5 Canes / sticks 22 Magnifiers, optical 39 Therapeutic footwear; diabetic, neuropathic, orthopaedic
6 Chairs for shower / bath / toilet 23 Orthoses, lower limb 40 Time management products
7 Closed captioning displays 24 Orthoses, spina 41 Travel aids, portable
8 Club foot braces 25 Orthoses, upper limb 42 Tricycles
9 Communication boards / books / cards 26 Personal digital assistant (PDA) 43 Video communication devices
10 Communication software 27 Personal emergency alarm systems 44 Walking frames / walkers
11 Crutches, axillary / elbow 28 Pill organisers 45 Watches, talking / touching
12 Deafblind communicators 29 Pressure relief cushions 46 Wheelchairs, manual for active use
13 Fall detectors 30 Pressure relief mattresses 47 Wheelchairs, manual assistant-controlled
14 Gesture to voice technology 31 Prostheses, lower limb 48 Wheelchairs, manual with postural support
15 Global positioning system (GPS) locators 32 Ramps, portable 49 Wheelchairs, electrically powered
16 Hand rails / grab bars 33 Recorders 50 White canes
17 Hearing aids (digital) and batteries 34 Rollators

Provision of Assistive Technology[edit | edit source]

There are four steps required for the provision of assistive technology:

  1. Select
  2. Fit
  3. Teach
  4. Follow-up

All four processes help to ensure that AT is used effectively. The first step involves choosing the product that will benefit the user's needs. This process is done in collaboration with the patient and caregiver to understand their needs and how they will be using the product within their environment. The fitting process provides an opportunity to adjust and modify the product to the individual. Teaching involves explaining, demonstrating and practising with the AT. Lastly, follow-up is important to determine if the assistive device is still meeting the user's needs and if any maintenance or repairs are required.[12] The following video by the World Health Organization explains these four steps in more detail:

Resources[edit | edit source]

References [edit | edit source]

  1. 1.0 1.1 Matter R, Harniss M, Oderud T, Borg J, Eide AH. Assistive technology in resource-limited environments: a scoping review. Disability and Rehabilitation: Assistive Technology. 2017 Feb 17;12(2):105-14.
  2. 2.0 2.1 2.2 Tangcharoensathien V, Witthayapipopsakul W, Viriyathorn S, Patcharanarumol W. Improving access to assistive technologies: challenges and solutions in low-and middle-income countries. WHO South-East Asia journal of public health. 2018 Jul 1;7(2):84.
  3. Smith, R.O., Scherer, M.J., Cooper, R., Bell, D., Hobbs, D.A., Pettersson, C., Seymour, N., Borg, J., Johnson, M.J., Lane, J.P. and Sujatha, S., 2018. Assistive technology products: a position paper from the first global research, innovation, and education on assistive technology (GREAT) summit. Disability and Rehabilitation: Assistive Technology, 13(5), pp.473-485.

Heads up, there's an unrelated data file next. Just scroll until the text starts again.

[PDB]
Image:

4. 4.0 4.1 de Witte, L., Steel, E., Gupta, S., Ramos, V.D. and Roentgen, U., 2018. Assistive technology provision: towards an international framework for assuring availability and accessibility of affordable high-quality assistive technology. Disability and Rehabilitation: Assistive Technology, 13(5), pp.467-472.
  5. 5.0 5.1 5.2 Assistive technology factsheet. Geneva: World Health Organization; 2018 (https://www.who.int/en/news-room/fact-sheets/detail/assistive-technology, accessed 24 may 2021).  
  6. Banozic A, Shi G, Ke S. The role of Assistive Technology in advancing Sustainable Development Goals. Frontiers in Political Science.:24.
  7. 7.0 7.1 Mather, D. Intro to Assistive Technology Course. Plus Course. 2022
  8. 8.0 8.1 8.2 8.3 8.4 8.5 Khasnabis C, Heinicke Motsch K, Achu K, et al., editors. Community-Based Rehabilitation: CBR Guidelines. Geneva: World Health Organization; 2010. Assistive devices. Available from:https://www.ncbi.nlm.nih.gov/books/NBK310951
  9. Boot FH, Owuor J, Dinsmore J, MacLachlan M. Access to assistive technology for people with intellectual disabilities: A systematic review to identify barriers and facilitators. Journal of Intellectual Disability Research. 2018 Oct;62(10):900-21.
  10. World Health Organization: Priority Assistive Products List. 2016. Available from: https://apps.who.int/iris/bitstream/handle/10665/207694/WHO_EMP_PHI_2016.01_eng.pdf.
  11. Rohwerder B. Assistive technologies in developing countries
  12. World Health Organization. Training in Assistive Products Modules. 2020. Available from: https://www.gate-tap.org/all-modules/